Doha: The age threshold for COVID-19 vaccine eligibility will be lowered to 30 years from today. The Ministry of Public Health (MoPH) in a recent statement had said that all people aged over 30 will be eligible to receive the vaccine after the Eid holiday.
The change comes as part of the phased roll-out of the National COVID-19 Vaccination Program which continues to pick up pace and has now administered more than 2.1 million vaccines doses.
According to data released by the Ministry yesterday, as many as 36,626 COVID-19 vaccine doses were administered in 24 hours.
At present 53.8% of the eligible population has now received at least one dose of the vaccine. 89.2% of over 60s (the most vulnerable population group) have been vaccinated with at least one dose, while 83.7% have received both doses. The inclusion of people aged 30 and above in national vaccination programme will further increase number of vaccinated people in the country, giving mass protection to society.
The Ministry has also extended the validity for quarantine exemption of all vaccines administered in Qatar from the previously approved six months to nine months (except for travellers from six countries).
Meanwhile, children aged 12 to 15 years can be registered to get the Pfizer-BioNTech COVID-19 vaccine in Qatar.
Parents are able to register their children to take the vaccine through the Ministry website, after which they will be contacted by the Primary Health Care Corporation (PHCC).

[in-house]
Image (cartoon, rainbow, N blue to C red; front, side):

According to a US-based study the mRNA Pfizer-BioNTech and Moderna COVID-19 vaccines which are available in Qatar should remain highly effective against two coronavirus variants first identified in India.
The lab-based study was carried out by the NYU Grossman School of Medicine and NYU Langone Center and is considered preliminary because it has not yet been published in a peer-reviewed journal.
Researchers exposed the variant known as B.1.617.1 to blood serum samples from 15 volunteers with antibodies induced by the Moderna vaccine, 10 volunteers with antibodies after receiving the Pfizer/BioNTech vaccine, and 24 people with antibodies after recovering from COVID-19.
Based on lab experiments involving cell cultures, the B.1.617 and B.1.618 variants seem to be partially resistant to the antibodies elicited by vaccination, according to the study published online.
“Thus, there is a good reason to believe that vaccinated individuals will remain protected against the B.1.617 and B.1.618 variants,” the researchers from New York University wrote in their paper.